What an intriguing weekend the 83rd running of the Dutch TT at Assen has turned out to be. (Well, I say weekend, it’s still Friday, but in any racing paddock, the weekend starts once bikes roll out for the first practice, and ends when the final press conference of the day is completed.) The story lines are plentiful, made possible by mixed conditions, low grip and a barrel load of ambition.
First, there’s the MotoGP polesitter. Cal Crutchlow took his first ever pole in the class on Friday, with a perfectly-timed lap to blast ahead of Marc Marquez and earn himself a Tissot watch. He left it to the very last lap, but cut it very fine indeed.
He crossed the finish line with just three seconds left on the session clock, giving him a final attempt at pole. He had worked out he would make it across the line for one last shot by looking at the sector times displayed on the digital dashboard, but when he exited the GT chicane, and saw the starter already out with the checkered flag, he had gotten a little nervous.
There was no need. His flying lap was outstanding, putting over a third of a second into Marc Marquez, who had attempted a similar strategy to Crutchlow by crossing the line late. Crutchlow may have been helped by Dani Pedrosa crashing out early in the session. The Repsol Honda man got back too late to try to go out for another attempt, and having set a time good enough for 5th place, in the middle of the second row, saw no need to risk everything to rush for a lap.
But Crutchlow’s main concern was the absent Jorge Lorenzo. This was not a ‘proper’ pole, Crutchlow insisted, because Jorge Lorenzo was not present. He was very happy with pole, and he was boosted and motivated by having bagged his first pole, but for it to really count, he had to secure it against a healthy top three, Crutchlow explained. For everyone else, Crutchlow had straight up earned it; he put in the fastest lap when the chips were down, and they all count.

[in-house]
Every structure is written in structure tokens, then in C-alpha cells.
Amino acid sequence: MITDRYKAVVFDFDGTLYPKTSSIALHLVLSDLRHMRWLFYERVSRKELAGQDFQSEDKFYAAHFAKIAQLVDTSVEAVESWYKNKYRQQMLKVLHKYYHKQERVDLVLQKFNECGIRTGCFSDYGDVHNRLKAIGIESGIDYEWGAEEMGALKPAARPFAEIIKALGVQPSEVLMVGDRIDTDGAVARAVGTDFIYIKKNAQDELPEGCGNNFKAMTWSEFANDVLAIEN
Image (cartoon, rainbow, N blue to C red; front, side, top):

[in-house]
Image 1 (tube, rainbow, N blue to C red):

Starting on pole does not necessarily mean you are a shoe-in for the win, however. Conditions at Assen have been so mixed that it is hard to get a sense of who is fast and who is not. Only FP1, FP4 and qualifying have been completely dry so far, and even FP1 took place in cold conditions on a green track. That leaves only FP4 to go by, and it is hard to get a sense of who is really quick. “Many riders are on the same pace,” Dani Pedrosa said. “Even the CRT riders are quick. It’s hard to predict a favorite.”
It is clear that five riders are quick: Cal Crutchlow and Marc Marquez have excellent pace, and Dani Pedrosa looks to be around the same pace. Stefan Bradl – now changed from Nissin to Brembo brakes, and using a different suspension package – is faster than he’s been all year, and should be right there with the lead trio too.
The dark horse is Valentino Rossi, who is comfortable and quick, and full of self-belief, something he has been missing since Qatar. The solution for his braking problems he tested at Aragon is working at Assen too, allowing him to brake much deeper than he has been able to previously.